Horse racing is serious business. The industry is worth an estimated $40 billion in the United States alone, and the global popularity of the sport is even larger. This results in large payoffs for the few who are lucky enough to produce a champion. Since even losing horses can be carried as a tax write-off, many investors view the sport as a no-risk activity, making it an ideal business venture for big investors with deep pockets. If you have access to this type of financial backing and would be interested in starting a horse-racing business, keep reading to find out how.
Educate yourself about the raising and training of racehorses. The University of Arizona and the University of Kentucky both offer excellent equine degree programs that will allow you to literally earn a degree in horse racing. These courses will teach you everything you need to know about breeding, raising, training and racing horses.
Write a business plan. Your plan should identify not only where you will get the money to start your horse-racing business, but also your business goals and how you plan to achieve them. You should also state what kind of staff will be required to operate your business, what their salary will be and what other costs will be associated with operating your business. A link to a sample equine business[plan has been provided in the Resources section to help get you started.
Purchase or lease a ranch to serve as the headquarters for your horse-racing business. A ranch ranging from 50 to 100 acres in size is adequate for most startup horse-racing businesses, although a larger ranch is certainly better. The location should have stables to house your horses, open areas for exercise and enough space for a practice racetrack.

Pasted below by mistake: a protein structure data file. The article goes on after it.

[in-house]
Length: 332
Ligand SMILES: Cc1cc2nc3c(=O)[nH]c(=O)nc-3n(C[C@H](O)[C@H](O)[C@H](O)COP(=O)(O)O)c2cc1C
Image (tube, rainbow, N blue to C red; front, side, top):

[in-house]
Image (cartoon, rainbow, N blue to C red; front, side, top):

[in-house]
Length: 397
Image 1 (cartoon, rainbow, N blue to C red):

Buy the horses that will be used to start your stables. There are two philosophies when it comes to stocking a new stable. One is to buy horses that come from champions, with the hope of those horses being good racers. The other philosophy is to simply buy strong horses for breeding, in the hopes of breeding a champion horse. You can follow either or both of these strategies, but be prepared to pay big money for a horse that has a champion for a parent. Most stock horses for racing will cost several thousand dollars, but those with a championship bloodline can sell for hundreds of thousands of dollars.
Hire the staff you need to operate your horse-racing business. The required staff members will be identified in your business model, along with their respective salaries. You can expect to have stable hands to clean the stalls and feed your horses. You will also need trainers to exercise your horses and mold them into racers, as well as a veterinarian to keep your animals in good physical condition.
Join any associations that are relevant to your horse-racing business. The main association you must join is the National Thoroughbred Racing Association (NTRA). Each state also has its own racing association or quarter-horse racing association. Being a member of each trade group in the states where you will be racing will make it easier for you to get your horses entered into races.